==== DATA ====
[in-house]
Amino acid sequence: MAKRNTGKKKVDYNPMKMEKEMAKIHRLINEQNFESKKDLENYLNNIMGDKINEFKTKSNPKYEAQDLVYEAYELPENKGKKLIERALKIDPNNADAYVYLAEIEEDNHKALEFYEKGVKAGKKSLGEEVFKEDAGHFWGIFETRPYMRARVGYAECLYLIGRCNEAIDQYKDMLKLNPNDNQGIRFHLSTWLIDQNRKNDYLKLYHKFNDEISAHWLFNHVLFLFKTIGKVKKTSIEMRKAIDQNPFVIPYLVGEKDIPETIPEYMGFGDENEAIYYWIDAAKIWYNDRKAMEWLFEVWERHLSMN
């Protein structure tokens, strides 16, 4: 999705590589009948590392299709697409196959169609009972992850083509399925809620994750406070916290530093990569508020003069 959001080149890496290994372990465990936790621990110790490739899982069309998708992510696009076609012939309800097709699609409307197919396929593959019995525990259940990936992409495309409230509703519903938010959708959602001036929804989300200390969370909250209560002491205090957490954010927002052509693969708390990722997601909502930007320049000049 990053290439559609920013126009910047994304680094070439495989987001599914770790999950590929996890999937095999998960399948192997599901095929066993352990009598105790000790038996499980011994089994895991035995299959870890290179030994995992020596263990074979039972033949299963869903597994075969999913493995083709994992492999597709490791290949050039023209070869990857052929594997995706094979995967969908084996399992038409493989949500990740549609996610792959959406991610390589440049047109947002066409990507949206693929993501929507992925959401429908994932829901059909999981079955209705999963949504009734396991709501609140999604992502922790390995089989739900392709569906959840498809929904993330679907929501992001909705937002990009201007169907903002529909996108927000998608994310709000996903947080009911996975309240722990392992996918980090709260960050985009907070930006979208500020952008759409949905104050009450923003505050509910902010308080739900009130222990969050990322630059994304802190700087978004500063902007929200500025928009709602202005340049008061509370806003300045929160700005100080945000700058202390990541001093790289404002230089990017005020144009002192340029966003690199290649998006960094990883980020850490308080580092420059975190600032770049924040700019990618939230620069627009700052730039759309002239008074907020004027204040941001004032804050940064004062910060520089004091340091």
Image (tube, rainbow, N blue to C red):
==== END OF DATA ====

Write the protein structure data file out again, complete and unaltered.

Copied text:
[in-house]
Amino acid sequence: MAKRNTGKKKVDYNPMKMEKEMAKIHRLINEQNFESKKDLENYLNNIMGDKINEFKTKSNPKYEAQDLVYEAYELPENKGKKLIERALKIDPNNADAYVYLAEIEEDNHKALEFYEKGVKAGKKSLGEEVFKEDAGHFWGIFETRPYMRARVGYAECLYLIGRCNEAIDQYKDMLKLNPNDNQGIRFHLSTWLIDQNRKNDYLKLYHKFNDEISAHWLFNHVLFLFKTIGKVKKTSIEMRKAIDQNPFVIPYLVGEKDIPETIPEYMGFGDENEAIYYWIDAAKIWYNDRKAMEWLFEVWERHLSMN
């Protein structure tokens, strides 16, 4: 999705590589009948590392299709697409196959169609009972992850083509399925809620994750406070916290530093990569508020003069 959001080149890496290994372990465990936790621990110790490739899982069309998708992510696009076609012939309800097709699609409307197919396929593959019995525990259940990936992409495309409230509703519903938010959708959602001036929804989300200390969370909250209560002491205090957490954010927002052509693969708390990722997601909502930007320049000049 990053290439559609920013126009910047994304680094070439495989987001599914770790999950590929996890999937095999998960399948192997599901095929066993352990009598105790000790038996499980011994089994895991035995299959870890290179030994995992020596263990074979039972033949299963869903597994075969999913493995083709994992492999597709490791290949050039023209070869990857052929594997995706094979995967969908084996399992038409493989949500990740549609996610792959959406991610390589440049047109947002066409990507949206693929993501929507992925959401429908994932829901059909999981079955209705999963949504009734396991709501609140999604992502922790390995089989739900392709569906959840498809929904993330679907929501992001909705937002990009201007169907903002529909996108927000998608994310709000996903947080009911996975309240722990392992996918980090709260960050985009907070930006979208500020952008759409949905104050009450923003505050509910902010308080739900009130222990969050990322630059994304802190700087978004500063902007929200500025928009709602202005340049008061509370806003300045929160700005100080945000700058202390990541001093790289404002230089990017005020144009002192340029966003690199290649998006960094990883980020850490308080580092420059975190600032770049924040700019990618939230620069627009700052730039759309002239008074907020004027204040941001004032804050940064004062910060520089004091340091």
Image (tube, rainbow, N blue to C red):